Motorist shot dead after firing baseball bat in confrontation with downtown Baltimore squeegee workers – Baltimore Sun

A confrontation between a driver and a group of squeegee workers ended in deadly gunfire in downtown Baltimore on Thursday afternoon after the motorist brandished a baseball bat – and one youths pulled out a gun in response.

The shooting was reported around 4:30 p.m. at the corner of East Conway and Light St., and officials said the 48-year-old victim later died in hospital. His name has not been released.

Baltimore Police Commissioner Michael Harrison said the motorist drove through the intersection, parked on the opposite side of Light Street and got out of his car with a baseball bat. He then returned to the group of children and “swung the bat at one or more of the squeegee workers”.

“In return, one of the squeegee workers pulled out a gun,” Harrison said. He said it was unclear how many shots were fired.

At the crime scene later Thursday evening, the metal bat lay on the sidewalk next to a pool of blood.

Witnesses at the scene heard three gunshots followed by a quick police response. The deadly altercation rumbled through downtown traffic for hours during rush hour and ahead of a matchup between the Baltimore Orioles and Los Angeles Angels scheduled for 7:05 p.m. at nearby Oriole Park in Camden Yards.

Harrison said the shooting was the second incident involving a squeegee worker Thursday at that same busy downtown intersection.

Several hours earlier, police had confiscated a firearm from a squeegee worker, and employees from the mayor’s office of African-American Men’s Engagement were on the scene to raise awareness, Harrison said.

In a statement, Councilman Eric Costello said officers stopped a squeegee worker at the intersection shortly before 2 p.m. Thursday and seized a pellet gun.

“This is a very complex situation where someone took charge, regardless of what you think,” Harrison said, noting that he fully briefed Mayor Brandon Scott.

In a statement, Scott said his administration would work to hold accountable anyone who resorts to violence on city streets.

“Whatever the cause of this incident, it is a sad reminder that too often easily avoidable confrontations escalate into violence,” he said.

In a statement late Thursday, Baltimore State’s Attorney Marilyn Mosby called the violent episode “completely unacceptable,” saying it “should serve as a flashpoint for our entire city.”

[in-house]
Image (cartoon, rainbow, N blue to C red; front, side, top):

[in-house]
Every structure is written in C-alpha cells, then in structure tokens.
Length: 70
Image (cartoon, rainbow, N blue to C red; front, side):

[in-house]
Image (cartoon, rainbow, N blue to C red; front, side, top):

“There are too many guns on our streets and those who willfully turn to violence to resolve disputes will be held accountable to the fullest extent of the law,” she said.

The presence of squeegee kids on the streets of Baltimore has been a flashpoint for years. Drivers unfamiliar or uncomfortable with the practice often complain about youngsters, sparking an uproar from businesses in the city that rely on visitors. Sometimes physical clashes broke out. But city officials say their presence is symptomatic of poverty in Baltimore and needs to be addressed with better social supports.

Baltimore launched an employment program in December matching former raclette workers with jobs in the hospitality industry, as part of a broader campaign to find them alternative employment.

“It’s about figuring out how we can support what they need, so they’re not pushed into begging, which is basically what scraping is,” Faith Leach said at the time. Deputy Mayor of Baltimore for Equity, Health and Human Services.

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During his remarks at the scene Thursday night, Harrison avoided commenting on the bigger picture or addressing the ongoing tensions that exist between motorists and squeegee workers in Baltimore.

He said it was unclear whether the shooting victim had actually hit any of the squeegee workers with the bat – including the shooter – before the shots rang out. The group of children fled the scene immediately after the shooting and “managed to get away,” Harrison said.

Detectives are reviewing video evidence from various sources in the area and looking for more footage, he said. What police know now is mostly based on testimony from people who were in the area when the shooting unfolded around rush hour Thursday.

Cody Bro, 30, was traveling to Baltimore from Phoenix for a convention when he heard three gunshots and saw police quickly invading the area. He said other witnesses to the confrontation up close told him what they saw immediately after the shooting.

“There was a driver arguing with one of the scrapers – the people who scrape your windows,” he said.

Bro said the victim fell to the ground after being shot. He wondered aloud why the man had a baseball bat in the car.

Baltimore police have asked anyone with cellphone video of the incident or with relevant information to contact detectives at 410-396-2100.

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